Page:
(FinalCall.com) – John Atta Mills has become president of Ghana, returning the National Democratic Congress, the party founded by former president, Jerry Rawlings, to power after an eight year hiatus. Some analysts believe the recent election in Ghana marked a new era of democracy in Africa.
“That is the greatest lesson for Africa,” stated a representative of the Nigerian-based Alliance for credible Elections, according to press reports. Francois Grignon, analyst and Africa director for the International Crisis Group said the Ghanaian election resonated throughout the whole of Africa. “In 2009 we have to try to get some more positive results,” Mr. Grignon said.
Voters in Angola, Botswana, Malawi, Mozambique, Namibia and South Africa are going to the polls between March and June. There are also elections slated in 2009 for Algeria, Comoros, Congo-Brazzaville, Equatorial Guinea, Niger, Sudan and Tunisia.
Analysts are also saying that more African nations are moving towards stability and peace; the African Union has asserted itself as a regional diplomatic and peacekeeping force; and there are signs of a growing middle class throughout the continent. Mobile phones and the internet are also revolutionizing how Africans communicate throughout the continent.
Akbar Muhammad, journalist, author and director of the African Middle East Literary Association calls this the era of a new “African Renaissance.” “There is a new leadership emerging, coming out from behind the shadows of the old,” Mr. Muhammad told The Final Call.
“The key in Africa is what happens in Egypt if President Hosni Mubarak’s son does not succeed him, then there is a strong possibility that a new leadership would emerge in Egypt, which is very important for Africa,” Mr. Muhammad said.
Mr. Muhammad also said Tanzanian Pres. Jakaya Mrisho Kikwete, Sierra Leone’s Pres. Ernest Bai Koroma, Mali’s Pres. Amadou Toure and Pres. Joseph Kabila of the Democratic Republic of the Congo, were African leaders to watch.
“The economic collapse of the Western world offers a golden opportunity for Africa,” Mr. Muhammad said. There are 900 million people on the continent, and that is rapidly growing to a billion, he said. Economic experts say that from the Cape to Cairo there is an economic bloc with a combined Gross Domestic Product of U.S. $625 billion; and that’s not counting the Northern African nations.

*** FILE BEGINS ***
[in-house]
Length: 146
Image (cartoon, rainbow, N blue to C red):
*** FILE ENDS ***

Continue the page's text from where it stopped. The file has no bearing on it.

“We need leaders in Africa with a mindset to restoring Africans at the head of the human family,” stressed Dr. Leonard Jeffries professor of African Studies at City Univ. of New York. “The world economic collapse means people around the globe will be getting together to re-group; and that means Africa has to come together to place Africa at the global economic table as equal partners,” Dr. Jeffries said.
Both Dr. Jeffries and Mr. Muhammad say that Africa must adopt Pres.-elect Barak Obama’s vision of “change.”
However, some American-based analysts and think tanks such as Africa Action believe that the new administration should not concentrate on African economic issues at first, urging Mr. Obama to make human rights in Sudan a priority from day one.
The Washington-based Africa Focus Bulletin said Somalia should be the first test of an Africa foreign policy for the Obama administration to correct “a short-sighted U.S. policy that has actively contributed to worsening an already desperate situation.”
“Somalia is a good place to start as any; and I understand that Mr. Obama has expressed interest in the crisis in the Democratic Republic of the Congo (DRC). He has expressed a need for change in the U.S. role in developing economics and peace in Africa,” Bill Fletcher, executive editor of the Black Commentator and founder of the Center for Labor Renewal told The Final Call.
Sadia Aden, president of the Somalia Diaspora Network explained to The Final Call that “in talking to people on the Obama Transition Team, there is a feeling that Somalia will be at the top of the new administration’s ‘first 100-day’ agenda.” There is hope Obama will learn from the mistakes of the Bush administration in Somalia, she added.
On Dec. 29, Somalian Pres. Abdullahi Yusuf Ahmed resigned. “The reaction on the ground in Somalia is that his resignation does not mean an end to the War Lords. Yusuf was the head but not the body,” Ms. Aden said.
“With a United States of Africa you would not see cases like Somalia and the DRC,” stated Mr. Muhammad. He said it is important for Africa to move towards uniting the 53 independent states that make up the African Union. “Moving towards a strong common currency for all of Africa, and establishing a central bank, that should be at the top of Africa’s priority list,” insists Mr. Muhammad.